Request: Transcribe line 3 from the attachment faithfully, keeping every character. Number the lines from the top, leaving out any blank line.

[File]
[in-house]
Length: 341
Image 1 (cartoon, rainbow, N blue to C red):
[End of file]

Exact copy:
Image 1 (cartoon, rainbow, N blue to C red):